• 65 days. Classic butterhead type was the standard for many years. Soft, buttery-textured leaves enclose a crisp, juicy, loose inner head of blanched, sweet-tasting leaves. Very heat-tolerant and slow to bolt, Buttercrunch stays mild long after others have turned bitter. Developed by George Raleigh, Cornell University, and an All America Selection for 1963. From here.
    • A Review – “Fantastic germination. Did best in full sun during our mild Texas [Hill County] winters. We even had a few decent night freezes (less than 20) and even uncovered, this was no problem.”
  • Black Seeded Simpson from here.
    • When planting in rows, thin to 6″ apart, in rows 12-18″ apart.
    • Some people sprinkle the seeds on top of fine soil and just water them in.
    • Black Seeded Simpson lettuce likes cool weather and lots of moisture.
    • Liquid fertilizer works well once or twice early in their growth cycle.
    • Plant small sections in your garden every couple of weeks.


  • Plant Sep-May – Florida Broad Leaf, Tendergreen
  • Optimum soil temp for germination is 60-75 and max is 85.
  • Build wide beds ridges 6 to 8 inches high, Plant double rows with seeds space 1″-6″ apart.
  • Sprinkle the row regularly with water to prevent soil crusting until the small plants breakthrough.
  • To have a continuous supply of fresh, tender mustard and turnip greens, make two or three plantings 10 days apart.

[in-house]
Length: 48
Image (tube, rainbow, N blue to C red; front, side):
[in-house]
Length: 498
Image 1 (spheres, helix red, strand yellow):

• From TAMU.

Onions, Green, and Bunching

  • Plant Aug-Mar
  • Optimum soil temp for germination is 65-85 and max is 95.
  • Bulbing: Granex (yellow)
  • Bunching (Green): Evergreen Bunching, White Lisbon Bunching
  • Leeks: American Flag
  • Multipliers: Shallots
    • The shallot is a delicious onion with a delicate, mild flavor. Shallots are very similar to green onions but grow in clusters of small bulbs, much like garlic, rather than as individual onions. You can consume both the leaves of shallots and the bulbs.
    • Fall is a great time to plant. Shallot bulbs are between three-quarters of an inch and one-and-a-half inches in diameter and are red, pink, white, gray, or reddish brown. Plant small shallot bulbs about six inches apart, leaving the growing point exposed above the surface of the ground. Harvest in early summer when the leaves turn brown.
    • Save some bulbs for the next season’s garden. Store your dry shallot bulbs in a cool, dry area. Refrigerate green shallots and eat them within two weeks.

Peppers – Florida-friendly varieties from here.

  • Optimum soil temp for germination is 65-85 and max is 95.
  • There are a number of varieties of peppers to choose from, make sure you are selecting varieties that will grow well in Florida. ‘California Wonder’, ‘Red Knight’, and ‘Big Bertha’ are few varieties of bell peppers that will grow well in Florida gardens. Other sweet peppers suited for Florida include ‘Sweet Banana’, ‘Giant Marconi’, ‘Mariachi’, and ‘Cubanelle’.
  • If you are more interested in growing hot peppers, try the jalapeno varieties ‘Early Jalapeno’ or ‘Jalapeno M’ or the specialty hot peppers ‘Cherry Bomb’, ‘Hungarian Hot Wax’, ‘Big Chile II’, ‘Numex’, ‘Ancho’, ‘Thai’, ‘Anaheim Chile’, ‘Long Cayenne’, ‘Habanero’, or ‘Caribbean Red Habanero’.
  • https://www.pepperscale.com/banana-pepper/


  • Plant in Aug. Bought Sugar Pie Pumpkin at St. Elmo Seed.
  • plan on a minimum of 20 square feet [hills ~5 ft o.c.] being needed for each plant. From here.
  • Optimum Soil Temp for Germination – 95
  • For improved drainage sow in mounds, or hills, of soil 12 inches in diameter, 6-8 inches tall.